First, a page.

National Union Government (1916)

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The National Union Government was a form of national government that governed the Grand Duchy of Luxembourg between 24 February 1916 and 19 June 1917, at the height of the First World War. At the time, Luxembourg was occupied by the German Empire, but the occupying Germans had promised not to interfere in the country's political machinations, provided that the Luxembourgish government did not aid Germany's enemies. Nonetheless, political life was dominated by the crisis that had enveloped Europe.

Background[edit]

The predicament was exacerbated by the death of Paul Eyschen on 11 October 1915. Eyschen, who had been Prime Minister for twenty-seven years, was unrivalled in popularity, and his death plunged Luxembourg deeper into crisis.[1] Eyschen was replaced by Mathias Mongenast, but Mongenast lasted only 25 days before becoming embroiled in a dispute over education and resigning.[2] His next replacement was Hubert Loutsch, who headed up a minority government consisting solely of Catholic conservatives. Grand Duchess Marie-Adélaïde hoped that a successful government would easily win the backing of the electorate, but was mistaken; the government failed to win a majority the following month, coming up short with 25 of 52 seats, and would succumb to a vote of no confidence on 11 January 1916 after two months in office.[3]

Forming the government[edit]

In response, the Grand Duchess went in the opposite direction, and, on 24 February, chose Victor Thorn to form a national government. Thorn was an experienced politician in his seventies and was thought to be the most conciliatory candidate. When presenting his credentials before the Chamber of Deputies, Thorn declared, "If you want a government that acts, and is capable of acting, it is imperative that all parties support this government."[4] They did, but only on condition that Thorn formed a grand coalition, offering positions in the cabinet to each party. The make-up of Thorn's first cabinet was:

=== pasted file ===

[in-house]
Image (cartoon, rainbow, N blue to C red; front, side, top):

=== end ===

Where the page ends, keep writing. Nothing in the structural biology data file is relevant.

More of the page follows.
Name Party Office
Victor Thorn LL Prime Minister
Minister for Foreign Affairs
Minister for Justice
Michel Welter POS Minister for Agriculture
Minister for Commerce
Minister for Industry
Léon Kauffmann PD Minister for Finances
Léon Moutrier LL Minister for the Interior
Minister for Public Information
Antoine Lefort PD Minister for Public Works
Source: Thewes (2003), p. 69

Governing the country[edit]

To resolve the food shortage brought about by war and German occupation, Thorn introduced price controls and rationing.[4] However, this resulted only in the creation of a thriving black market, and fomented civil unrest.[4] On 22 December, the Chamber of Deputies passed a motion demanding that Michel Welter, Minister for both Agriculture and Commerce, be fired. Two weeks later, Thorn complied, dismissing Welter and replacing him with Ernest Leclère.[5] Thus, the new cabinet comprised:

Name Party Office
Victor Thorn LL Prime Minister
Minister for Foreign Affairs
Minister for Justice
Ernest Leclère POS Minister for Agriculture
Minister for Commerce
Minister for Industry
Léon Kauffmann PD Minister for Finances
Léon Moutrier LL Minister for the Interior
Minister for Public Information
Antoine Lefort PD Minister for Public Works
Source: Thewes (2003), p. 69

This did little to quell the trouble. Elections in Esch-sur-Alzette in March showed great public support for independent candidates that opposed the National Unity Government.[5] Worse still, a strike by miners in early June was ended only after intervention by the German army.[5] With political support crumbling, threats of civil unrest, and a humiliating reliance upon the occupying forces, Thorn was under immense pressure to resign, which he did on 19 June. The National Unity Government was replaced by a coalition of liberals and conservatives under Léon Kauffmann, but his government also failed to last long.[6]

See also[edit]

Footnotes[edit]

  1. ^ Thewes (2003), p. 64
  2. ^ Thewes (2003), p. 65
  3. ^ Thewes (2003), p. 66
  4. ^ a b c Thewes (2003), p. 68
  5. ^ a b c Thewes (2003), p. 69
  6. ^ Thewes (2003), p. 72

References[edit]